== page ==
A medical student training camp was created to improve the preparation of medical students for the involvement in neurological surgery activities and sub-internships.

A 1-day course was held at Weill Cornell Medicine, which consisted of a series of morning lectures, an interactive resident lunch panel, and afternoon hands-on laboratory sessions. Students completed self-assessment questionnaires regarding their confidence in several areas of clinical neurosurgery before the start of the course and again at its end.

A significant increase in self-assessed confidence was observed in all skill areas surveyed. Overall, rising fourth year students who were starting sub-internships in the subsequent weeks reported a substantial increase in their preparedness for the elective rotations in neurosurgery.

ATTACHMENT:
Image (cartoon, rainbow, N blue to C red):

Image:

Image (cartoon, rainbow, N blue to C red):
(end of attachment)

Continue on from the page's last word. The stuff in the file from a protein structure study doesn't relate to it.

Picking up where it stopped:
The preparation of medical students for clinical neurosurgery can be improved. Single-day courses such as the described training camp are an effective method for improving knowledge and skill gaps in medical students entering neurosurgical careers. Initiatives should be developed, in addition to this annual program, to increase the clinical and research skills throughout medical student education 4).

Canada

Medical students in Canada must make career choices by their final year of medical school. Selection of students for a career in neurosurgery has traditionally been based on marks, reference letters and personal interviews. Studies have shown that marks alone are not accurate predictors of success in medical practice; personal skills and attributes which can best be assessed by reference letters and interviews may be more important. A study was an attempt to assess the importance of, and ability to teach, personal skills and attitudes necessary for successful completion of a neurosurgical training program.

questionnaire was sent to 185 active members of the Canadian Neurosurgical Society, asking them to give a numerical rating of the importance of 22 personal skills and attributes, and their ability to teach those skills and attributes. They were asked to list any additional skills or attributes considered important, and rate their ability to teach them.